Looking Over To The Hermit Kingdom

 

North Korean Border

Several years back on a trip to Seoul, we were taken to the border with North Korea. We reached the border, and the guide suddenly stopped, stuck his arm out and pointed with his finger. “There, across the river”, he said, “Lies North Korea”.

It was a cold day, with temperatures 5 degrees centigrade below zero. Yet, the chill that my Chinese friends and I felt was definitely more than the chill from the cold, December air. We have all heard tales of the Hermit Kingdom, and the cult of the Kim family. We’ve all heard, or been told jokes as kids. One I remember, went something like this:

“Announcer: There is a food shortage.

American citizen asks: What is ‘shortage’?

North Korean citizen asks: What is food?’ ”

People were hopeful when the latest Kim became premier, but apart from his baby face, he appears to be more menacing than the rest.

My father was in Korea in 1952, on behalf of the UN & South Korean forces. Those days are very far away indeed, and the tale of the two kingdoms since then could not be more different. One, the Southern one, has prospered, and sells more mobile phones than Apple! The other, the Northern one, shares a border with China, is repressed and is one where dissidents disappear regularly. One spectacular border that they share with the Chinese is that of Changbaishan, a place that is on my ‘must see’ list.

In India, we cry about the desire that the Gandhi-Nehru family has, to cling to power and screw our country. The North Koreans can only cry in the privacy of their hearts, and this is scary indeed. Freedom is something we generally do not cherish until it is gone.

A North Korean Room

We were then taken to see a model North Korean home. This is only one photo of such a home. I took photos of North Korean underwear, and this was depressing indeed. Where the world has moved on to jazzy electronics, and snazzy, sexy underwear, here is an entire race condemned to living in the past, in order to preserve the privileges of a few.

I wonder if the Kims rule, or are they the puppets on the throne. To be honest, I don’t think anyone really knows the truth.  A dictator rules by the force of his/her personality. What happens down the genetic line? Do the next generations retain the strength of the original dictator, or do they become weak and dissolute, mere puppets to be controlled by powerful factions that prefer to live in the shadows?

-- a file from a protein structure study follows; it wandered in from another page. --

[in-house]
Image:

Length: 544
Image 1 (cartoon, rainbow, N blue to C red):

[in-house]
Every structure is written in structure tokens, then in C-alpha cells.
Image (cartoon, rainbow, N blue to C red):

The Hermits, if they still live in North Korea, may know the answer to that question.

 

A Japanese Holiday – Miho Museum

The Tunnel To The Miho MuseumThis is the last stop on our old Japanese holiday, The Miho Museum. This museum is fairly close to Kyoto actually, and is set right plumb in the centre of an absolutely beautiful, wooded, hilly countryside. It is set in stunning surroundings, and I was absolutely awed as we walked through the tunnel that is in the photo to get to the museum. The museum is the brainchild of Mihoko Koyama who was one of Japan’s wealthiest women. It seems that, while she has about 2,000 pieces of ancient Western and Oriental art, about 250 are normally on display at any time.

Museums can be stunning, and really nice places to visit. I have been to many around the world, and in general, I have always been happy. Then, I come home to India, and I am saddened by the generally awful state of the museums here. Not that the pieces are bad, mind you. The pieces that we have in our museums are actually quite good. Yet, they are dull. They seem to come from another era. The last time I did go to a museum in India was this summer actually.  I went with my son, and we went off with a lot of vim, vigor and enthusiasm. His enthusiasm started to dwindle soon enough, and much though I tried, I could not keep up mine for very long either.

Museums can bring cultures and history to life. They can educate and be fun. Yet, when you walk into something that looks musty and seems to be moth-eaten, then that is the end of the story.

Anyway, this is the end of the Japanese holiday, and I am off for two weeks. Let’s see what I come up with when I am back

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